One of the more surreal aspects of this project has been running around Chicago desperately trying to secure DVDs to movies that are inherently unpopular. Of course, if I were Anna Wintour, I'd simply snap my fingers and bark, "Sour Grapes better be in my hands in 15 minutes or Christmas is cancelled!," and Larry David would magically appear five minutes later to personally hand-deliver a copy. But I'm not, so I spent much of yesterday hopping from Blockbuster to Blockbuster and Best Buy to Best Buy in a futile search for David's ill-fated foray into feature film. After a while I began to suspect that David used his Seinfeld windfall to buy back all existing copies of Sour Grapes and have them buried in a giant landfill next to all those unused copies of the E.T Atari game.
I never did track down a copy o' Sour Grapes so I'm going to sub in a suggestion from my estimable colleague Scott Tobias, who not only serves as our Film Editor but also does a damn fine job copy-editing this column and editing out all my unmotivated Irish bashing. As long as Scott is on the job, you'll never have to worry about me sticking it to those rotten, drunken, leprechaun-loving potato thieves. [Ed: I'll let this one slide.] He's the thin blue line protecting the readership of the A.V. Club from the grammar and punctuation of a proud alumnus of the Chicago public school system. Incidentally, if you can spot the origins of the "unmotivated Irish bashing" line and the other thousand or so pop-culture references littered throughout My Year Of Flops and send me an itemized list at the end of this project, I will personally handwrite a letter to your parents telling them that their child needs to get out more, find some hobbies, and get a nice girlfriend or boyfriend.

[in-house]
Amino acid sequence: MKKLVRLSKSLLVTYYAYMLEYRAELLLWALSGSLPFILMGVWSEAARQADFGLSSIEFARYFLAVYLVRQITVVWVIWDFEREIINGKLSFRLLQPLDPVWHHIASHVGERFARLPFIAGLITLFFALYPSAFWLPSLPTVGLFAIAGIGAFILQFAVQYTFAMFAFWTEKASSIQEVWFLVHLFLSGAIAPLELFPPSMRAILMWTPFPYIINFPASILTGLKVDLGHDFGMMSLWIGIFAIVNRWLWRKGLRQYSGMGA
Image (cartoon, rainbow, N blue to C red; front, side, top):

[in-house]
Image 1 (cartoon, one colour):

Today's My Year Of Flops entry, the notorious 2001 comedy Freddy Got Fingered has a bifurcated reputation as both one of the worst films ever made and a movie so doggedly, singularly bizarre that it's hard to believe it ever got green-lit. Studios exist precisely to keep films this audacious, original, and transgressive from ever hitting theaters. I've never seen so much as a single episode of any of Tom Green's various shows, but I watched Fingered with open-mouthed admiration. It's the kind of movie you feel the need to watch again immediately just to make sure you didn't hallucinate the entire thing the first time around.
Fingered casts director and co-writer Green, the young people's favorite, as a 28-eight-year old aspiring animator who heads to Hollywood armed with little but a dream, a drawing of a bag of dripping baboon eyeballs attached to a balloon, and a complete lack of social skills.
Green bullies his way into the office of animation executive Anthony Michael Hall by pretending that Hall's wife has died a hideous death, then dresses up as an English bobby and harangues Hall in a restaurant. Hall looks at Green's drawing and issues a stern judgment: "It doesn't make any sense. It's fucking stupid. What you need here is elevation. There has to be something happening here that's actually funny." It's not hard to imagine studio executives saying the exact same thing to Green upon receiving the Fingered script. Thank God he didn't listen to reason. Or common sense. Or decency.
Oh, did I mention the part where Green pulls over to the side of the road, sees a giant horse cock, and grasps it lustily? It didn't really have anything to do with anything, but then neither does most of Fingered. It's a movie for a YouTube era of short attention spans and ADD; just about any ten minute block functions as a perversely fascinating, surrealistic mini-movie with a weird anti-logic all its own.